But GOP attendance at the meeting was lacking overall, with only Crapo and Gardner appearing from the majority, raising questions about the extent to which Senate Republicans are interested in advancing cannabis banking legislation.

Merkley said in his testimony that the “lack of availability of financial services for cannabis-related businesses in states where it is legalized has created a scenario where businesses are forced to operate in all cash, leading to unsafe environments for all parties involved.”

“Financial institutions support legal clarity and certainty and a legislative hearing would provide an opportunity to address outstanding questions and ensure a better understanding of the proposed bipartisan legislation,” he said, adding that he hopes the hearing “will give members the opportunity to hear directly from witnesses who have direct experience with the challenges facing the financial sector, the cannabis industry, and law enforcement.”

During the hearing, Merkley said there’s “nothing good about forcing the world to operate on cash.”

“It is an invitation to money laundering. It is an invitation to organized crime. It is an invitation to robbery. It is an invitation to cheat on your taxes or cheat your employees,” he said. “Let’s fix this. Let’s honor the states’ rights vision of all of the states that have said this makes sense here in our location for our citizens.”

“Although the SAFE Banking Act does not cure all of the cannabis-related banking challenges, it would help the 33 states that have legalized cannabis in some form to make their communities safer, collect their taxes, and regulate their cannabis markets effectively,” Sherwood, who is president and CEO of Citywide Banks, said in written testimony on behalf of ABA. “It would also help banks and their customers in states without legal cannabis regimes by addressing the unintended consequences for unrelated businesses that provide products and services to the cannabis industry, their employees or service providers, without undermining each state’s ability to prohibit cannabis sales and use within their borders.”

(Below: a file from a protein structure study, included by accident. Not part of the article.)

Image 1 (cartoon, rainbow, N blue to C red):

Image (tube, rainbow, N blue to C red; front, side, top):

The Oregon senator also introduced into the record more than 100 stories from people who have been affected by the lack of marijuana industry banking access.

Pross, chief risk officer for Maps Credit Union, said that her association does “not have a position on the federal legalization of cannabis” but that “many credit unions operate in states and communities that have made cannabis usage or growth legal for medicinal and/or recreational purposes” and that CUNA strongly believes that “financial institutions should be permitted to lawfully serve businesses that engage in activities that are authorized under their state laws, even when such activity may be inconsistent with federal law.”

“On behalf of America’s credit unions and their 115 million members, we urge both Congress and the Administration to work towards turning this legislation into the law and providing financial institutions with the certainty needed to better serve our communities.”

Prohibitionist group SAM’s Van Meter said that members of the committee were being tasked with addressing “whether we want to promote and increase drug use during an addiction crisis or discourage drug use and help people find recovery and healing” by debating whether to provide access to banking to cannabis businesses.

“By skipping ahead to a technicality over banking rules, the marijuana industry is hoping to gain many of the benefits of federal legalization without a debate over the public health effects,” he said in testimony.

Attached to SAM’s submission is a letter expressing concern about the potential consequences of passing the SAFE Banking Act, signed by former heads of the Drug Enforcement Administration and Office of National Drug Control Policy.

Sen. Brian Schatz (D-HI) spoke about research barriers for marijuana, noting that he cosponsored bipartisan legislation introduced last week that would address the issue alongside Sens. Chuck Grassley (R-IA) and Dianne Feinstein (D-CA).

Van Meter jumped in to say that “if the marijuana industry was concerned about research, then I don’t think they would be selling some of these extremely high potency” products.

“Well hang on, I’m concerned about research,” Schatz said. “I’m going to allow you to answer the questions, but I’m not going to allow you to take a pot shot at the people that you’re testifying with.”